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Voice of Action: Voice of Action

Voice of Action’s Mark Henning is no stranger to the music business by now. In fact, he has been actively making music since at least 1993, when he fronted the band Zoom, and indie rock outfit with a strong math-rock sound in their songs (and also called Lawrence, Kansas its home base!). After disbanding and leaving only two albums and a single to act as the legacy for Zoom, he co-founded his second act called the National Trust with bandmate Neil Rosario in the late 90’s, which eventually got signed to the prestigious Thrill Jockey Records. This band met its fate in 2005, after the duo released…two albums and a single.

All of this backstory is necessary, because it gives some context to this new project by Henning, Voice of Action. Signed to Lotuspool Records, the band consists of Mark Henning on lead vocals and guitar, Jeff Panall (Songs: Ohia) on drums, and Alissa Hacker on bass. Right off the bat, the opening track “Ups and Downs” lets the listener know what they’re in for. Dirty, crunchy guitar tones, riffs aplenty, and no intention on keeping influences a secret.

The nine tracks on this self-titled album all have more or less the same goal in mind: give the listener some riffs, some faux-bluesy vocals, all in roughly the same amount of time, which is to say, monotonous. The word “faux” is intentional, because it’s obvious that Henning was aiming for his vocals to soar with angst and prowess in the vein of Jim Morrison, yet he comes about a quarter as close, and ends up sounding more like the yell a soccer player might let out while feigning an injury (see track 7, “Slip on the Wall”). Henning’s vocals are easily the biggest distraction from what are nine well-performed tracks for those who enjoy tight, nuts and bolts, riff heavy rock and roll. Not only the vocals, but the lyrics have a couple eyebrow-raising moments as well. Case in point is track 5, “Blinded By Love”: “Hundred dollars here, hundred dollars there, can’t feed my kids, can’t do my hair.” Wait, hold on, Mark, are you admitting you aren’t able to support your children in song form? Now that is rock and roll.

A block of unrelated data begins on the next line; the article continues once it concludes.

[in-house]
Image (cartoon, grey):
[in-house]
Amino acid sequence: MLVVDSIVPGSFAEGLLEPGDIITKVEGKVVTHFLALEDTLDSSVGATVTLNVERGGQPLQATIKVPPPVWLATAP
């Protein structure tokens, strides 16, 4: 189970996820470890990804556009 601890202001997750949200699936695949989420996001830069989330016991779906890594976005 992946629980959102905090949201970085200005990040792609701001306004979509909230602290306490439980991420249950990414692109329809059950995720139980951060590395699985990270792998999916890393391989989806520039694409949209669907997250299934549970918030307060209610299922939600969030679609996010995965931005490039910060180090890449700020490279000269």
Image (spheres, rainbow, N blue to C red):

It is almost astonishing that a man who has released music for the amount of time Mark Henning has, and the result is this album. On the bright side, there is much room for perfecting the Voice of Action sound going into (what Mark Henning’s trend predicts to be) their next, final album, and obligatory single.

Recommended If You Like: Queens of the Stone Age, The White Stripes, The Black Keys, The Kinks, Spoon
Recommended Tracks: 1 (Ups and Downs), 3 (Sell Everybody Out)
Do Not Play: N/a
Written by Christian Lemesany on 10/24/2018